Book Review: The Witch of Lime Street



In the 1920’s, the public wanted mystics, spiritualists and mediums. Harry Houdini, the world’s best magician fed his fans with his unbelievable feats. and his repertoire of his tricks including his “mentalist” ability, causing people to believe he could converse with the dead. Actually, he didn’t do either one. Like all magicians, he performed his magic and tricked audiences by using misdirection and trickery.

Several of Houdini’s fans included famous people – including Arthur Conan Doyle. Conan Doyle, the master of British crime fiction, was desperate to believe he could communicate with his dead son. Houdini  and Conan Doyle had their own opinions on the subject and each had their own following of fans.

Houdini was very close to his mother. After his mother passed away, he hoped to communicate with her one last time, even though he knew his performances were strictly a show. He was determined to stop people from using their logical emotions and place them under his “spell”, so he could continue to enjoy his success.

The 1920’s were an age when spiritualism became not only a pseudo-religion but was also considered a science. Prominent institutions such as Harvard University set up a Parapsychology Department. Scientific American,  a well-respected scientific publication even offered a reward for anyone proving they were truly a medium.

The Witch of Lime Street,  Margery, claimed she could communicate with the dead, and bring back the spirit of her deceased brother, Howard. Through endless séances , Howard continued to “materialize” and perform the “tricks” the researchers had contrived to prove he was real. One the tricks involved Mary exuding  ectoplasm – a supernatural viscous substance which appears to exude from Mary’s body during a spiritualistic trance, demonstrating the manifestation of spirits.coming out of her vagina.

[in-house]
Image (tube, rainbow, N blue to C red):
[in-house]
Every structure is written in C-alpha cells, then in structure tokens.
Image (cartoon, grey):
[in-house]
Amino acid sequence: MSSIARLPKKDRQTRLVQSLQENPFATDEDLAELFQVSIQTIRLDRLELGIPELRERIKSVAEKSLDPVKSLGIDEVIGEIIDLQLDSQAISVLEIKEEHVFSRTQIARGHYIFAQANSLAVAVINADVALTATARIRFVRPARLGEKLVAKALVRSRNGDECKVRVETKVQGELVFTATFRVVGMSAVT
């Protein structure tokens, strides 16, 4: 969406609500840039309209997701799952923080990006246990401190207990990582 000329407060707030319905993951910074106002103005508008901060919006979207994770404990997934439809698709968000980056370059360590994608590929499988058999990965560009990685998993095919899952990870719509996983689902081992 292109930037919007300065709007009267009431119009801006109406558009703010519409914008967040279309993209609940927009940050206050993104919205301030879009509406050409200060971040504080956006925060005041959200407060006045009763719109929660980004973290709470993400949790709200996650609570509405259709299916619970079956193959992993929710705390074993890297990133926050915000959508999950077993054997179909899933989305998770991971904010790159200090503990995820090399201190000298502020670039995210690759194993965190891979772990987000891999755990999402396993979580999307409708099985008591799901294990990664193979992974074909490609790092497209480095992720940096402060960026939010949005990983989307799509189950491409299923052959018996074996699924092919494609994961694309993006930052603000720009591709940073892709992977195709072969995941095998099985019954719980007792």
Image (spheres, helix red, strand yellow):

Mr. Jaher’s book is well researched and gives the reader an in-depth look into the spiritualism craze that swept the world during the early 20th century. In the end, he discusses Margery’s final séances but doesn’t offer any final conclusions, allowing the reader to make his own decision.

The book was interesting,  yet lengthy and repetitive at times. Margery’s “performances” and the research around them went on for years, often several times a week. Mr. Jaher recounted as many of them as he could. I enjoyed the beginning and ending of the book, but the middle part could have been trimmed significantly if Mr. Jaher only included those séances where something new happened.  I recommend this book for Houdini fans and those interested in 1920’s mysticism.